Most psychiatrists make a distinction between anxiety and depression, primarily because they need to prescribe different medications to their patients. Here’s how they are differentiated.
Anxiety disorders are characterized by a deep sense of doubt, feeling inadequate and vulnerable especially for future events. Fear, excessive worries, unexplained physical sensations, and lack of self protective behaviors are typically displayed. The attention of anxious people is usually focused on their future prospects, and they anticipate outcomes opposite from what they desire to see.
The key symptoms of depression include:
* Feeling sad, and/or hopeless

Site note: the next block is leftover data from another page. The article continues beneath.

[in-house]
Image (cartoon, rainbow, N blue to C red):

* Lack of interest and enjoyment in activities that used to be fun and interesting
* Physical aches and pains without physical cause; lack of energy
* Difficulty concentrating, remembering, and/or making decisions
* Changes in appetite and weight
* Unwelcome changes in usual sleep pattern
* Thoughts of death and suicide
Do they sound markedly different from each other? In my observation, they are very similar in a sense that anxiety/depression patients’ energy fields are far more susceptible to negative emotions than positive ones. I have not witnessed any anxious person who is not depressed, or vice versa.
For some patients, medications may be absolutely necessary. However, in a majority of cases, once their internal “imbalances” are fixed, anxiety/depression can be lessened relatively easily.